DEXs (Decentralized Exchanges)
How to Create a Cryptocurrency Exchange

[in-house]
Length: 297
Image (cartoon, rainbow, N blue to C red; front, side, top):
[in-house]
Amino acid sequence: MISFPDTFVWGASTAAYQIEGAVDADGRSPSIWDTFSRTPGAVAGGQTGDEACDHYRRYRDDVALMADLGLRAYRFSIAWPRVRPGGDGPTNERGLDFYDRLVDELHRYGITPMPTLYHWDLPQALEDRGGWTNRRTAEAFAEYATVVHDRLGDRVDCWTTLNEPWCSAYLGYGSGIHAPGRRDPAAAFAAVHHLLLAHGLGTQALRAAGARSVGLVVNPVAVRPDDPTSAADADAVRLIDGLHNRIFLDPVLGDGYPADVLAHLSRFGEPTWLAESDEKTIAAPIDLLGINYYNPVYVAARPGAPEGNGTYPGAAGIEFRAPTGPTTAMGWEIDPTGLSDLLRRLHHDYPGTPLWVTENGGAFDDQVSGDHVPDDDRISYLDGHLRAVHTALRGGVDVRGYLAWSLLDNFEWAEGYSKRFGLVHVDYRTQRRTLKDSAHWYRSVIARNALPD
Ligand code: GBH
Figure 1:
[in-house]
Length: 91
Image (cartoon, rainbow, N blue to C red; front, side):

DEXs (Decentralized Exchanges)
Everything There Is to Know About Decentralized Stock Exchanges